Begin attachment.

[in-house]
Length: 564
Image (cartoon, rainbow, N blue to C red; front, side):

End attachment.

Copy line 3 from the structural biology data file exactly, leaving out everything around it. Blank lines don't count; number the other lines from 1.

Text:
Image (cartoon, rainbow, N blue to C red; front, side):